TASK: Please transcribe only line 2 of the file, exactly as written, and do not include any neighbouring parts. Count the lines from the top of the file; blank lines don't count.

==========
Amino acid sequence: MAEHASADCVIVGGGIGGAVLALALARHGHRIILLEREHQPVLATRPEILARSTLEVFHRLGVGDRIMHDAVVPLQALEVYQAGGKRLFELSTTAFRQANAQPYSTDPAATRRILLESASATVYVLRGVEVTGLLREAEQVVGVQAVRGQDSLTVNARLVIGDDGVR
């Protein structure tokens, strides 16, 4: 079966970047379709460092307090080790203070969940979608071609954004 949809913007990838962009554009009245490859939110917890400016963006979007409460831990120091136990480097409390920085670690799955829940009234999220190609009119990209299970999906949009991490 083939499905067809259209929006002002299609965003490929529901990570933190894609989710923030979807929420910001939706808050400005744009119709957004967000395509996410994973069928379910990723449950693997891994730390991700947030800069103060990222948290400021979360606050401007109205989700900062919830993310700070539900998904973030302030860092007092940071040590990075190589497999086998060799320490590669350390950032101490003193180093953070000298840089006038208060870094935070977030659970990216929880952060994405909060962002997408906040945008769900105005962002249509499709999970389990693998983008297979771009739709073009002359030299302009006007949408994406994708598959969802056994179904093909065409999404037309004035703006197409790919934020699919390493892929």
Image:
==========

């Protein structure tokens, strides 16, 4: 079966970047379709460092307090080790203070969940979608071609954004 949809913007990838962009554009009245490859939110917890400016963006979007409460831990120091136990480097409390920085670690799955829940009234999220190609009119990209299970999906949009991490 083939499905067809259209929006002002299609965003490929529901990570933190894609989710923030979807929420910001939706808050400005744009119709957004967000395509996410994973069928379910990723449950693997891994730390991700947030800069103060990222948290400021979360606050401007109205989700900062919830993310700070539900998904973030302030860092007092940071040590990075190589497999086998060799320490590669350390950032101490003193180093953070000298840089006038208060870094935070977030659970990216929880952060994405909060962002997408906040945008769900105005962002249509499709999970389990693998983008297979771009739709073009002359030299302009006007949408994406994708598959969802056994179904093909065409999404037309004035703006197409790919934020699919390493892929």